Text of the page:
Circulating the little-known facts about what’s in our veins

February 1, 2019

February is the month when hearts take centre stage, as we recognize National Heart Month, Heart and Stroke Awareness Month, and Valentine’s Day. But while the focus is on the heart, what about the very lifeblood that this impressive muscle helps circulate? This hardworking fluid deserves some time in the spotlight too. For instance, did you know…

A drop of blood contains 10 million cells. When you consider that the blood in your body travels over 19,000 kms during every 24-hour period, the numbers become mindboggling!

Your heart will pump nearly 1 million barrels of blood during your lifetime. To put this into perspective, that’s enough to fill 3 super tankers.

Your runny nose is your blood’s attempt to keep your nose warm. When you’re cold, the blood vessels in your nose dilate. This increases mucus production, resulting in a runny nose.

Your blood is the cause of brain freeze. It is believed that this painful condition is caused by the quick dilation of a blood-filled artery in the brain – one that is initiated by a sudden temperature change in the mouth.

There is only one place where blood cannot be found in human body. That place is the cornea in your eye; it extracts oxygen directly from the air instead of through your blood.

There are no less than 30 ways to classify blood types today. The 4 main types that may be more familiar to you are A, B, AB and O. But scientists drill down even further, with more exact classifications. Do you know your blood type? Type O is not only the most common blood type — it’s also the universal blood type donor.

Not all blood is created equal. The differences between blood types run from the silly to the serious. For instance, mosquitos seem be attracted to Type O blood the most, and Type A the least. Type A blood tends to contain more stress hormones, while it takes Type O blood longer to get rid of the effects of stress. Type AB blood produces the best immune systems but also has a greater risk for heart disease. Type B blood actually contains up to 50,000 times the number of friendly bacteria than that found in Types A or O blood. And the differences go on!

Healthy habits can keep your blood healthy. Cholesterol is a substance that is found in the fats that make up your blood. When you have high cholesterol, these fat deposits can spread into your blood vessels. If that happens, it becomes hard for your blood to flow through your arteries. Without enough oxygenated blood getting through, you run the risk of suffering a heart attack or a stroke. Fortunately, there are ways that can help you control your cholesterol levels: moderate physical activity can raise your high-density lipoprotein (HDL) cholesterol – otherwise known as “good” cholesterol. In addition, healthier eating and/or prescription medication can help lower “bad” cholesterol.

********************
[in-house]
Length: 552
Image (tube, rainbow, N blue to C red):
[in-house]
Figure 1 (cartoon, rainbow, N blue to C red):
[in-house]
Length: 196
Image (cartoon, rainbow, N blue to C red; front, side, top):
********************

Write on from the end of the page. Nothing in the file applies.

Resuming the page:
When something is wrong with your blood, it can affect your health. Unfortunately, this is true regardless of your blood type. If your blood is pumping too forcefully, that means high blood pressure, and that can lead to heart disease, a stroke or kidney disease. If it is pumping too slowly, you can run the risk of a blood clot. Or you may just be living with a blood condition such as anemia, hemophilia or a blood cancer. Diet, exercise and medication can help keep blood-related ailments in check, but often hereditary factors or just plain bad luck can come into play.

When you find yourself surrounded by hearts this February, remember that what your heart is pumping is important too. Know that if you have suffered or are living with a blood-related condition, life insurance is still an option. Canada Protection Plan offers a variety of plans to choose from. To find out which life insurance plan is best suited for you, contact your advisor or call 1-877-851-9090.

PS: Whether you’re type A, O or in between – if you are able to, be a blood donor.